Guess I should go home.  And do what?  (Image of an action figure in blister packaging, sitting erect on the edge of a perfectly-made bed in an inspection-ready apartment.  Towels folded to crisp precision, fridge gleaming – albeit empty.  Glasses and plates washed, dressed to the edge of the cupboard.  Floor swept, files organized by color, trash empty.  Room suffocatingly silent, except for the air conditioner.  Cursor blinking, awaiting further instruction.)

Part of me is thrilled to the gills at not having a social life.  No distractions.  Nothing to do but learn my job, aspire to greatness and write my ass off.  That part of me knows I can survive for extended periods of time on nothing more than beans, rice, tuna, coffee, Sharpies, music, and social media.  But there’s another part of me that knows that first part is a lying motherfucker.  “Friends are a form of wealth, as is knowledge.  Likewise, health.”  I don’t know who said that, probably me.  Plants need food, sunlight, water.  Human beings need their Maslow’s met.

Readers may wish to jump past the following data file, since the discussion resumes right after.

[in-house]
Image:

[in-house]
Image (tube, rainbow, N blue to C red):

I have dreams where I can fly, or move objects with my mind.  And in these dreams, I can feel the part of my mind that knows how to do these things.  I understand the weight of the object on some deep level.  I feel it rising up, moving toward me, coming to rest in my hand.  But on awakening, that part of my brain reads as 404 FILE NOT FOUND.  It feels like something in me has died.

I wonder what will become of these journals.  Used as tinder, perhaps?

All my travels and
years set free in the tears of
slowly rising flames.

Maybe they’ll put stretch marks on the bottom of a trash bag.  Guess it doesn’t matter, brevity of life, Pale Blue Dot, blah, blah.

Relax, people.  I’m not looking to conquer anything but myself.